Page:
I knew people would think I was crazy for not having surgery and radiation, like my mother and her mother. My mother’s cousin died because she did nothing. But I was not going to do nothing. I always knew if it happened to me I would not go the allopathic route. I always knew I could think it out of me the way I did with a toothache once, and that sciatica I had. With yoga and tea and visualization and candles.

I felt nervous but I was afraid only of what my mother would say. I thought, perhaps, I shouldn’t tell her. That I shouldn’t tell anyone, just let this breast-less acquaintance hold my secret. I thought, if anyone else knew, the cancer would have power to grow. If I gave it nothing, it would die.

Shooting

8 Mar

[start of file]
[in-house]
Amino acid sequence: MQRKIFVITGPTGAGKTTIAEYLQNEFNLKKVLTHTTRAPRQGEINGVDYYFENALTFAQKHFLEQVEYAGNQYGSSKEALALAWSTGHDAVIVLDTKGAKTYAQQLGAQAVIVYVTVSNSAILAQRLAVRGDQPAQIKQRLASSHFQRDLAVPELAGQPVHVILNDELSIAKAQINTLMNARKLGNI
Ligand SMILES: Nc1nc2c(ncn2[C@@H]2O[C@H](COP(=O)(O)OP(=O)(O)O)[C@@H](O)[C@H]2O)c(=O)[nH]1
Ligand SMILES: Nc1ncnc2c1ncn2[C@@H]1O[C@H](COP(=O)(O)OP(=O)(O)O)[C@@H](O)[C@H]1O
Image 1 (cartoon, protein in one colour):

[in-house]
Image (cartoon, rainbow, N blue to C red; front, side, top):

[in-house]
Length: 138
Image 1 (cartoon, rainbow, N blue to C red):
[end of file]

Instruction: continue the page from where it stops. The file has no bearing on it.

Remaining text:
The first thing I saw was a syringe filled with clear liquid. And her hands and my hands both holding it. I said, you’re supposed to shoot under the breast because the fat holds the drugs so you stay high longer. She seemed impressed that I knew this. But that’s not what we did. She positioned the syringe at the base of my thumb and pressed the needle tip in. It pinched. I had sliced my thumb earlier that day on a piece of broken glass. Then she shot a syringe full into her index finger. Then again, into my index finger. Then into her middle finger. Then into mine. I knew it was meth and that I should feel speedy, which I did, but also I felt high like I had smoked pot, foggy in the head. I was anxious. It occurred to me that we were sharing the needle, and also, that the needle stayed consistently full. Both of these facts brought on more panic. She didn’t seem to get high at all. I tried to say something, but nothing came out, so I just looked at her and she smiled in a way that I knew she loved me. Like I’d never have to say anything. It was like looking in the mirror, the feeling of being accepted, her inside of me, knowing what I felt and who I was.